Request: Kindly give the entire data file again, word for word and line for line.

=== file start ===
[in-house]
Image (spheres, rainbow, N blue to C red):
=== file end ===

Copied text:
[in-house]
Image (spheres, rainbow, N blue to C red):